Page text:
6. Representations by the the quadratic form k2 + 27l2

In this section, we give a formula for the number of representations of a positive integer by thequadratic form k2+27l2. First we state the following theorem [22, thr. (3.1), cor. (3.3)] which we willuse in our proof.

Theorem 6.1. Let m be an integer and α, β, p and λ be positive integers such that

(6.1) αm2 + β = pλ.

Let δ, ǫ be integers. Further let l and t be real and x and y be nonzero complex numbers.

We define

(6.2) fk(a, b) =

{f(a, b) if k ≡ 0 (mod 2),f(−a,−b) if k ≡ 1 (mod 2).

With the parameters defined this way, we set

R(ǫ, δ, l, t, α, β,m, p, λ, x, y)

:=

p−1∑

k=0n=2k+t

(−1)ǫkykq{λn2+pαl2+2αnml}/4fδ(xq

(1+l)pα+αnm, x−1q(1−l)pα−αnm)

× fǫp+mδ(x−mypqpβ+βn, xmy−pqpβ−βn).(6.3)

Then,

R(ǫ, δ, l, t, α, β,m, p, λ, x, y) =

∞∑

u, v=−∞

(−1)δv+ǫuxvyuqλ(2u+t)2+2αm(2u+t)(2v+l)+pα(2v+l)2

4 .(6.4)

Moreover, let α1, β1, m1, p1 be another set of parameters such that

α1m21 + β1 = p1λ, αβ = α1β1 and λ|(αm− α1m1). Set a :=

αm− α1m1

λ. Then,

(6.5) R(ǫ, δ, l, t, α, β,m, p, λ, x, y) = R(ǫ, δ + aǫ, l, t+ al, α1, β1,m1, p1, λ, xy−a, y).

We are now ready to state the results of this section

Theorem 6.2.

(6.6) ϕ(q)ϕ(q27) =ϕ(q)ϕ(q3)− ϕ(q3)ϕ(q9)

3+ ϕ(q9)ϕ(q27) +

4

3qE(q6)E(q18).

Let a(n), b(n) be the number of representations of a positive integer n by quadratic forms (1, 0, 27)and (4, 2, 7), respectively.If n 6≡ 1 (mod 6), then(6.7)

a(n) = b(n) =

(3− 2δα,0

)(1 + (−1)α)

∏ri=1(1 + vi)

∏sj=1

1 + (−1)wj

2if β ≥ 2,

(1 + (−1)α)∏r

i=1(1 + vi)∏s

j=1

1 + (−1)wj

2if β = 0 and α > 0,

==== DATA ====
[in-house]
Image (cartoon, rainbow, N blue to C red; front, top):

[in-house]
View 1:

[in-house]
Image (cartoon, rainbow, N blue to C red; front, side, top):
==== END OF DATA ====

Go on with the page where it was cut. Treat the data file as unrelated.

0 otherwise,

where n has a prime factorization

n = 2α3βr∏

i=1

pvii

s∏

j=1

qwj

j ,

with pi ≡ 1 (mod 3) and 2 6= qi ≡ 2 (mod 3) and

(6.8) δj,0 :=

{1 if j = 0,0 otherwise.

If n ≡ 1 (mod6), then

18 ALEXANDER BERKOVICH AND HAMZA YESILYURT

a(n) =2

3

r∏

i=1

(1 + vi)( s∏

i=1

(1 + ui) + 2

s∏

i=1

((1 + ui) | 3

)) t∏

i=1

1 + (−1)wi

2,(6.9)

b(n) =2

3

r∏

i=1

(1 + vi)( s∏

i=1

(1 + ui)−

s∏

i=1

((1 + ui) | 3)

)) t∏

i=1

1 + (−1)wi

2,(6.10)

where n has a prime factorization

(6.11)

r∏

i=1

pvii

s∏

i=1

qui

i

t∏

i=1

Qwi

j ,

with pi ≡ 1 (mod 3), 2pi−13 ≡ 1 (mod pi), qi ≡ 1 (mod 3), 2

qi−13 6≡ 1 (mod qi) and 2 6= Qi ≡ 2 (mod 3).

Proof. From (6.5) together with (6.3), we find that

R(0, 0, 0, 0, 1, 27, 1, 4, 7, 1, 1) = f(q4, q4)f(q108, q108) + 2q7f(q2, q6)f(q54, q162) + q28f(1, q8)f(1, q216)

(6.12)

= (ϕ(q)ϕ(q27) + ϕ(−q)ϕ(−q27))/2 + 2q7ψ(q2)ψ(q54),(6.13)

where in the last step we used (2.8).Similarly,

R(1, 0, 1, 0, 1, 27, 1, 4, 7, 1, 1) = qf(1, q8)f(q108, q108)− 2q7f(q2, q6)f(q54, q162) + q27f(q4, q4)f(1, q216)

(6.14)

= (ϕ(q)ϕ(q27)− ϕ(−q)ϕ(−q27))/2− 2q7ψ(q2)ψ(q54).(6.15)

Moreover,

R(1, 0, 1, 0, 1, 27, 1, 4, 7, 1, 1) = R(1, 1, 1, 1, 3, 9,−2, 3, 7, 1, 1)(6.16)

= 2qf(−q6,−q12)f(−q18,−q36)(6.17)

= 2qE(q6)E(q18).(6.18)

Using (2.9) we get

R(0, 0, 0, 0, 1, 27, 1, 4, 7, 1, 1) = R(0, 0, 0, 0, 3, 9,−2, 3, 7, 1, 1)(6.19)

= f(q9, q9)f(q27, q27) + 2q4f(q3, q15)f(q9, q45)(6.20)

= ϕ(q9)ϕ(q27) + (ϕ(q) − ϕ(q9))(ϕ(q3)− ϕ(q27))/2(6.21)

=(3ϕ(q9)ϕ(q27) + ϕ(q)ϕ(q3)− ϕ(q)ϕ(q27)− ϕ(q3)ϕ(q9)

)/2.(6.22)